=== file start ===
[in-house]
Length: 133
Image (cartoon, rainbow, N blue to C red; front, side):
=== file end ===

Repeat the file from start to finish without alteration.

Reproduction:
[in-house]
Length: 133
Image (cartoon, rainbow, N blue to C red; front, side):